There is a Secret Handshake™ among the cocktailian elite of the 21st Century. If you see anyone displaying proficiency with it, you know they are members of the Lodge. And should you employ it yourself, other cocktailians will know you are conversant in the mysteries.
handshake is the Aviation Cocktail.
There are a number of reasons that this drink is so appealing to drink wonks.
- First, it is delicious. Delicate and balanced, but potent, the Aviation provides a lot to think about while you enjoy it.
- Second, it’s a classic. At nearly a hundred years old, the concoction dates back to the golden age of cocktails.
- Third, it has snob/wonk appeal. There are unconventional and exotic ingredients in the Aviation. And nothing appeals more to the modern cocktailian than the opportunity to employ such ingredients. Just drop in for any TDN to behold the truth of my words.
- Fourth, it is gorgeous. The pale violet color is appealing on its own, and makes a great frame for the dark redness of the nestled cherry.
You know, you could just cut all the purple prose, and tell us how to make the drink….
Oh very well. I just wanted to flaunt my knowledge of the Secret Handshake™, so all the cool kids will know that I’m an initiate.
And har har.
Purple prose. Very cute. You can be replaced, you know.
Anyway, here is how I make an Aviation:
- 2 oz. Aviation Gin
- 1/2 oz. fresh lemon juice
- 1/4 oz. Luxardo maraschino liqueur
- 1/4 oz. creme de violette
Combine in shaker with small ice and agitate gently until the shaker is too cold to hold. Strain into an equally chilled cocktail glass, and nestle a home-made maraschino brandied cherry in the bottom of the glass, along with a drop or two of its juice.
It is a simple cocktail to make, but a hard one for which to acquire the ingredients. Luxardo is reasonably available, even in Ohio, but you will have to look in a specialty store for it. Creme de Violette was unavailable anywhere on Earth for decades, and its successful reappearance on the market was one of the early indicators that our modern cocktail renaissance had commercial legs. You can make the recipe without the Creme de Violette, but it won’t be purple, it won’t be quite as good, and as far as I’m concerned, it won’t really be an Aviation.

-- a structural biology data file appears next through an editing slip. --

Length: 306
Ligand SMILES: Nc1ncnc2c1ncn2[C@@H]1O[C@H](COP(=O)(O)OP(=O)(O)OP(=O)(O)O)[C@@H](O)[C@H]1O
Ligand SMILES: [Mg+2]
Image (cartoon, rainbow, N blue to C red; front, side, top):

Lastly, there is the gin to consider. The occasion for my writing this post was the Liquor Fairy’s arrival with a bottle of Aviation Gin, along with a bottle of Krogstad Aquavit. Aviation is a brand I had heard of all over the place, but had never personally encountered before, but I am now thoroughly hooked. I’m hooked on it in general, but for Aviation Cocktail’s in particular, which should hardly be a surprise.
Aviation Gin was actually named after the Aviation Cocktail. This is a tribute to the brand’s uniquely cocktailian heritage, as it was developed through a partnership between craft distillers and a mixologist.
My usual process when testing a new gin is usually to first make a Pegu… hey, it’s what I do. But here I made an exception and instead whipped up an Aviation the first evening the bottle arrived.
This is a delicious gin, folks.
House Spirits Distilling deliberately downplays the juniper in Aviation. The juniper is still the lead, but it lets the other kids speak too. The resulting spirit would likely be a lot more accessible for those drinkers who are a bit leery of gin, or are outright gin virgins. For the gin evangelists out there, Aviation Gin is a powerful preaching tool. I found it particularly great with the Aviation Cocktail because the broader, more complex and less powerful taste of the gin lets the maraschino and creme de violette relax, rather than working for attention.
Aviation bills itself as a
New Western Dry Gin. This is intended to indicate that it is a style distinct from London Dry or Plymouth. Another (very different) example of such a gin would probably be Hendrick’s. If House Spirits and other makers of such gins want this new appellation to take hold, they will have to produce a better description that they currently have. You can read it at this link (PDF), since it is too long for me to reasonably blockquote here. This is one of its problems, of course. It is also chatty, colloquial, and indefinite.
Sounds like you….
Exactly. But I’ll take a shot at writing a definition that doesn’t sound like I wrote it. We’ll see what people think.
New Western Dry Gin
New Western Dry Gins are produced through the redistillation of neutral spirits with a variety of botanical elements, chief of which is juniper. New Western gins are distinguished from London Dry in that the supporting botanicals form an ensemble with the defining juniper, rather than a supporting cast.
Regardless, the ensemble in Aviation Gin puts on a very enjoyable performance. And for the record, it makes a delicious Pegu as well. An Aviation Gin Pegu is lighter and less bracing than one made with a Bombay Sapphire or Beefeater’s. I’d suggest it as a good choice of gin for a Pegu with dinner.
The following product, Aviation Gin was recently provided to me as promotional consideration to encourage me to discuss it.
For a complete disclosure of my policies regarding promotional items and all other financial interests, please click this link, or follow the
Liquor Fairylink in the header of this page.